I absolutely love Peacock’s Paul T. Goldman — the best weird show on TV

Paul T. Goldman as himself in Paul T. Goldman
(Image credit: Tyler Golden/Peacock)

Forget Lost, and forget Severance. Peacock's Paul T. Goldman is the latest TV show that will break your brain. I would know because I only recently started it, and I'm already confused and obsessed — in equal parts.

Sadly, I worry that Paul T. Goldman is destined to be an under-appreciated gem of the current era of streaming. Such is the problem of an excessive amount of options: the less glitzy and glamorous programs often fall by the wayside. Just, you know, scroll up and look at the titular Mr. Goldman. 

Paul T. Goldman, the man, has none of the charms that pull in the audiences of mega-hits (Euphoria's Sydney Sweeney he's not), medium-sized hits (Goldman couldn't even get booked at The White Lotus). He's corny, wholesome and weird. And his show is the most perplexing thing on TV — in the best way.

Why I love Paul T. Goldman

Ever heard of Nathan Fielder's The Rehearsal (one of the best HBO Max shows)? Paul T. Goldman is similar enough to it to draw comparisons, but unique enough to stand out. Both shows are initially positioned to be documentaries and true stories, yet each keeps you guessing. 

Paul T. Goldman doesn't let a scene go by without giving audiences something truly engaging. It's like a page-turner you can't put down, and one that has the least likely of stars.

Its titular protagonist is — just like he says in the show — the author of a 2009 book about betrayal that you can find on Amazon right now. In the series, Mr. Goldman tells his story about he was scammed by Audrey Munson, a woman he was seeing (and later married). All he wanted, we're told, is companionship and a woman who would be a good step-mother for his son Johnny.

I'm going to be spare with the details about what I say next (to avoid spoilers), but you won't believe what you're seeing. The things Goldman agrees to are absolutely bonkers. And then he uncovers supposed crimes that shocked him, and may shock you. And all the while, Goldman is playing himself in reenactment scenes — the kind of stuff you get in true crime documentaries and shows — right before he'll just start talking to director Jason Woliner.

And that's the last tip to know about up front. Woliner's a collaborator of Nathan Fielder. The same Fielder whose series The Rehearsal was the last show that had me saying "what the f**k am I watching?" — with a smile on my face. Both shows even share a producer: Eric Notarnicola. 

Melinda McGraw as Audrey Munson in Paul T. Goldman

(Image credit: Tyler Golden/Peacock)

Paul T. Goldman, the series, doesn't let a scene go by without giving audiences something truly engaging. It's like a page-turner you can't put down, and one that has the least likely of stars. Goldman is a completely unassuming character, but you constantly wonder if this is all a front.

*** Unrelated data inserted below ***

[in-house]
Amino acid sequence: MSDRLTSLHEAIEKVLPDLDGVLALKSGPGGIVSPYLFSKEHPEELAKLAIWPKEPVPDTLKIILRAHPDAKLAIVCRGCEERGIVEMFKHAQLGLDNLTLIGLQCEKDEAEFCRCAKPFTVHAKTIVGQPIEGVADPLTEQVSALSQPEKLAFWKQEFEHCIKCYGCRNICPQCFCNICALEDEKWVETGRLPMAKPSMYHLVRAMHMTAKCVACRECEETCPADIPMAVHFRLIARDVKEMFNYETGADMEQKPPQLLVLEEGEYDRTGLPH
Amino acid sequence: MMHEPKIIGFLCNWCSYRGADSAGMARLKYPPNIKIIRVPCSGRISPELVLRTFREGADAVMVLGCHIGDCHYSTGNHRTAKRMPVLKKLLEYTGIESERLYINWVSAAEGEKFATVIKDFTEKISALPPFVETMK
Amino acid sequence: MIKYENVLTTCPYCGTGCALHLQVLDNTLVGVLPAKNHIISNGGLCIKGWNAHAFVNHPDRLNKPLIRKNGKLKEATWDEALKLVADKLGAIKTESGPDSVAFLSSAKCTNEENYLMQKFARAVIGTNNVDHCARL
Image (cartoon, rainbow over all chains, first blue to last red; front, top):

And to that, I'll simply say: feel free to dig in and Google. This goofy guy is definitely not what he seems.

Paul T. Goldman reviews: What the critics say

But don't just take my word for it. Paul T. Goldman currently holds a decent 71% score on Rotten Tomatoes, a solid score for a show this bizarre.

Liz Shannon Miller at Consequence gave Paul T. Goldman an A- rating in her review, where she wrote "the series is less a shocking tale of sex and crime and more a fascinating portrait of a man and his ambitions: his desire for fame, for revenge, or maybe just being seen. And seen he is, through a lens that is alternately dark, strange, bizarre, and, more often than not, very funny."

Paul T. Goldman as himself in Paul T. Goldman

(Image credit: Evans Vestal Ward/Peacock)

Kristen Baldwin at Entertainment Weekly, though, rates Paul T. Goldman a B-. She calls the series "an imaginative twist on the overworked true crime genre, but it eventually devolves into a Threat Level Midnight-style endeavor that lands somewhere between enabling and exploitation." Threat Level Midnight, for those who don't remember, is an episode of the U.S. version of The Office, and the title of Michael Scott's action movie where he plays Agent Michael Scarn.

Steve Greene of IndieWire points out an important facet of the series, writing "'Who is this for?' is often lobbed as a blanket criticism of a hard-to-describe work. The appeal of 'Paul T. Goldman' is realizing that question is the entire show’s reason for existing in the first place."

Outlook: Should you watch Paul T. Goldman?

If the above trailer isn't enough to get you excited for Paul T. Goldman, and my promises of a delightfully twisty-turny play on the true crime genre don't entice you? Well, I guess that's that.

But think about every time you've said "I'm bored, I want something new." Every time you've just decide to watch your favorite comfort food TV show again (I get it, I love Community). And think about giving a half an hour (or even a fraction of that) to trying out Paul T. Goodman. It's delightfully bizarre, and truly unique. 

You've never seen anything like it.

Paul T. Goldman airs new episodes every Sunday on Peacock. The first four episodes are up, and two more are coming to finish this six-episode season.

Henry T. Casey
Managing Editor (Entertainment, Streaming)

Henry is a managing editor at Tom’s Guide covering streaming media, laptops and all things Apple, reviewing devices and services for the past seven years. Prior to joining Tom's Guide, he reviewed software and hardware for TechRadar Pro, and interviewed artists for Patek Philippe International Magazine. He's also covered the wild world of professional wrestling for Cageside Seats, interviewing athletes and other industry veterans.